(From Rock Bottom, 1974)
(From The Rotter’s Club, 1975)
Earlier this month, Daevid Allen died at the age of 77. Even though (to my surprise) he got an obituary in the New York Times, his name will not have been widely known among Americans.
He was an Australian Beat poet, latter-day minstrel and co-founder of Soft Machine and Gong. Upon his arrival in England in the mid-60s, he helped give birth to what would later become known as the Canterbury Scene.
For centuries, Canterbury was known as a place of pilgrimage in South East England, but during the late ’60s and early ’70s the name began to signal something else: a new musical culture.
Like many forms of creativity this didn’t fit neatly inside a ready-made niche.
In the era of record stores, albums had to be racked somewhere and the Canterbury groups would usually get shoved under Progressive Rock, but what they really represented was a meeting place between rock, jazz, classical, avant-garde, and what had yet to be dubbed World music.
But the Canterbury Scene couldn’t exactly be defined in stylistic terms. It was more of a tribe of musicians engaged in fluid collaborations, forming bands which had a habit of gaining their widest recognition after they had already dissolved.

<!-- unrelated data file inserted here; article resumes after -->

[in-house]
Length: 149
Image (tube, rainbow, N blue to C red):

Inventive, dense, complex, eccentric, lyrical, classical, experimental, psychedelic, romantic — the Canterbury sound had all these qualities. And the musicians creating this sound tended to express a particular constellation of English values: non-conformist, whimsical, innovative and yet unpretentious.
For readers here who find my choices of music and even the fact that I post any music, strange, the Canterbury Scene is part of the explanation why — which is to say, while as a teenager my friends were listening to Led Zepplin, The Who, and Deep Purple, I was engrossed with the offbeat creations of the likes of Matching Mole, Gong, and Hatfield and the North.
Here, and for the next few days, is an introduction to the Canterbury scene and the music which — at least to my ear — remains as original and inspiring now as it was when it was recorded over 40 years ago.
Egg — ‘Enneagram’ (from The Civil Surface, 1974)
Gong – ‘Love is How U Make It’ (from Angel’s Egg, 1973)
Note: there is a long pause (almost a minute) in the middle of this piece.